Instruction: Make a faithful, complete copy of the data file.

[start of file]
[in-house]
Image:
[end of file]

[in-house]
Image: